His Alfa Group, which he shares with fellow billionaires German Khan and Alexei Kuzmichev, buoyed by rising oil prices; stake in TNK-BP doubled over the past year. Interest in Alfa Bank also up; the bank recovered most of its money from borrowers like fellow billionaire Oleg Deripaska.

Gerald Cavendish Grosvenor

& family

U.K.
$12 billion
Source: real estate

The sixth Duke of Westminster is the U.K.’s wealthiest land owner. His Grosvenor property group has valuable holdings on 5 continents: posh Mayfair and Belgravia neighborhoods of London; additional land in London via private family trusts; farmland in northern England and Scotland.

Roman Abramovich

Russia
$11.2 billion
Source: steel, investments

Fortune up on steel price recovery; value of stake in steel giant Evraz increased nearly threefold. Celebrating birth of son with girlfriend and art enthusiast Dasha Zhukova. Threw New Year’s bash for his friends and partners on St. Barts, which cost a reported $5 million; BeyoncĂ©, Prince and Gwen Stefani performed.

Susanne Klatten

Gemany
$11.1 billion
Source: BMW, drugs

Inherited stake in automaker BMW from late father Herbert Quandt, who rescued it from bankruptcy decades ago. A trained economist with an MBA also inherited a 50% stake in chemical manufacturer Altana and sits on supervisory board. Now controls over 95% of Altana; seeking to acquire remaining shares and delist the firm.

Oleg Deripaska

Russia
$10.7 billion
Source: aluminum

Metals magnate back from the brink. Facing margin calls and $20 billion in total debt, he removed the heads of his two largest companies and personally negotiated with the Russian government, banks and other creditors to restructure his loan obligations. This year his Rusal, the world’s largest aluminum producer, raised $2.2 billion in an initial public offering in Hong Kong.

Vagit Alekperov

Russia
$10.6 billion
Source: Lukoil

Former Caspian Sea oil rig worker later became a deputy minister in the Soviet oil industry. In 1991 took three large ministry-controlled oil fields and set up Lukoil. Now president of Lukoil, Russia’s largest independent energy company, with a 20% stake. The firm’s reserves are second only to ExxonMobil

Leonardo Del Vecchio

Italy
$10.5 billion
Source: eyewear

Sent to an orphanage at age 7. Worked as an apprentice at a factory that made molds for auto parts, eyeglass frames. Founded Luxottica in 1961 and started making his own eyeglasses. Still chairs Luxottica, ($6.8 billion fiscal year 2008 sales) world’s largest manufacturer of sunglasses and prescription eyewear and also largest eyewear retailer.

Vladimir Potanin

Russia
$10.3 billion
Source: metals

In January became the first Russian billionaire to announce he would transfer his fortune to charity and not his children. Plans to list Russia’s largest media group, Prof-Media, which owns magazines, radio stations, movie theaters and broadcasts Russian versions of MTV and VH-1, this year.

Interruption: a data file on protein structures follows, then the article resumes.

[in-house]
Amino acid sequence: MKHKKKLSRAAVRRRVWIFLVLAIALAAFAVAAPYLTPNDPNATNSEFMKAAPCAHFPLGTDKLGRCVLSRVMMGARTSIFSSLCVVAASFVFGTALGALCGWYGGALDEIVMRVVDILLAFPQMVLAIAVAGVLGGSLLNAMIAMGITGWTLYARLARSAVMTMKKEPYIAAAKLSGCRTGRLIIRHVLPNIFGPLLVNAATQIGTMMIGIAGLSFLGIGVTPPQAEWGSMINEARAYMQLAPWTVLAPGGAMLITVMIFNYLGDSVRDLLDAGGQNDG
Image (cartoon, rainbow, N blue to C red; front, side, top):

Ernesto Bertarelli & family

Italy
$10 billion
Source: biotech

Inherited biotech firm Serono when father died in 1998. Ran for years; grew revenues to $2.4 billion in 2006. Blockbuster drug: $1.4 billion (annual sales) multiple sclerosis therapy Rebif. Sold company to Germany’s Merck 2007. With his sister, took home $9 billion. Lost America’s Cup to yachting rival Larry Ellison in February.

Hans Rausing

Sweden
$10 billion
Source: packaging

Father founded packaging giant Tetra Laval in 1944. Hans and brother Gad inherited the business. Hans sold his share to Gad for estimated $7 billion in 1995. Moved to U.K. in early 1980s to avoid punitive Swedish taxes. Resides on a 900-acre estate in village of Wadhurst in East Sussex.

Alexei Mordashov

Russia
$9.9 billion
Souce: steel

Chief executive and controlling shareholder of steelmaker Severstal relieved by steel price recovery; stock price up nearly threefold from last year’s lows. Recently announced the company’s gold unit will buy up foreign assets to expand production of the high-flying metal.

Viktor Rashnikov

Russia
$9.8 billion
Source: steel

In January reaffirmed partnership with billionaire Dmitry Pumpyansky’s TMK, one of the largest customers of his iron and steel producer, MMK. Began career at Magnitogorsk Iron & Steel mill (MMK) in 1967 as a mechanic, becoming its general director.

Silvio Berlusconi & family

Italy
$9 billion
Source: media

Suffering from more than just a bruised reputation; in December 2009, man broke the billionaire’s nose and teeth with a statue of Milan’s cathedral. Politico with 9 lives became Italy’s prime minister for a third time in April 2008 after his predecessor lost a confidence vote and new elections were held

Sourced & published by Henry Sapiecha